It was 45 minutes to take off when the plane touched down and started to taxi out to the back 40, because apparently that's how Turkish Airlines rolls.  When we were finally deboarding I managed to get on the first shuttle, the classy one, and got into security 30 minutes before take-off, while the screens flashed, "FINAL CALL" on my flight.  I crammed my stuff into the bins, and of COURSE set off the buzzer when I went through the metal detector.  I explained to the frisk-ee lady that it was my shoes, so she made me take them off and go put them through the x-ray.  When I was finally cleared I started shoving things in my pockets, grabbed my boots, and ran off while someone was still trying to give me back a handful of paek-won coins that fell out on their way to my pocket.  Honestly lady, I don't give a crap about 50 cents.

I ran.  I ran through the main part of the airport, and ran down the moving walkway, until the treads hurt my socked feet enough to make me stop and slip on my boots - precious wasted time.  I ran and ran and ran until I got to the gate, number 303, where the staff replied to my breathless, agitated state with, "It's okay, one more shuttle is coming."  When the shuttle got there, I got on.  And then a member of the flight crew got on.  And then we went to the plane.  As we pulled away from the gate, I saw the entrance to security, a mere fifty feet away from the door I'd just walked through.  I made a mad dash across the airport, and the damn gate was RIGHT THERE.  And I was the last passenger to board, but that was okay, because Bronte and Greek food and Bourani.  So there.

As we were sitting and waiting to take off, the announcement came on that we were waiting for some luggage to be loaded.  Say whaaaaa?!?  Was there a possibility that one single thing would go right on this trip?????  I got to the baggage claim in Athens, and the answer was, "NO."  My luggage was not there.  I went to the luggage counter and made my claim, and after telling them I wouldn't be in Athens the next day was promised that they could put it on a bus to Larisa.  Finally, FINALLY I walked through the doors to see Bronte's sunshiney, smiling face.  And then we went to Gazi where we stayed out all night eating and drinking and talking before catching the first train to Larisa, and if I had no luggage it didn't matter, because I was in Greece, at long last, and we were in a compartment by ourselves so we could stretch out and sleep and after setting my phone to go off a half-hour before we should have arrived, we were gooooood.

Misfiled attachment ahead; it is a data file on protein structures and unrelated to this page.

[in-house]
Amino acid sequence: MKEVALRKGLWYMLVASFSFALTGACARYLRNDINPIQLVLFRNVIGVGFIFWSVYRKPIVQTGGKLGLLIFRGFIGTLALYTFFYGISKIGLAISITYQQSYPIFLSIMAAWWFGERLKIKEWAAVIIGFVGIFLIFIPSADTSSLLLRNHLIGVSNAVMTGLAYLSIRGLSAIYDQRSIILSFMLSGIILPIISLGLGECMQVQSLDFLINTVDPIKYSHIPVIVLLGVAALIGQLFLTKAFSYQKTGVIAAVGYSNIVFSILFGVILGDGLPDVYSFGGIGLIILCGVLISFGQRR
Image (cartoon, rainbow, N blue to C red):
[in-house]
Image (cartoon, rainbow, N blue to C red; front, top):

Or she was, anyways.  I was jetlagged, which goes along with traveling and is just as well, because a half-hour before the alarm was set to go off, I poked my head up to see which station we were coming to, and it turned out to be Larisa.  I nudged Bronte awake, asking if this was our Larisa, and we shoved our boots on as we grabbed our backpacks and hopped off the train.

Let me just stop here for a minute to say that in spite of being very good friends with Bronte and having worked together for almost three years in South Korea, we have only traveled together once, on a very tightly controlled Adventure Korea trip to Geumgangsan in North Korea.  After the luck I had during this trip, she may never want to try it again.  I have had the occasional bout of bad travel karma, particularly when it comes to delayed flights (even without throwing Mongolia into it), but it has never, EVER been this bad.  It's possible that my jealous God didn't really want me going to Dionysos' revels, but what can I say?  I've gotten good at kicking against the pricks lately.  And since that last sentence sounds a lot less religious in this context than it was meant to, I guess it's time to move on.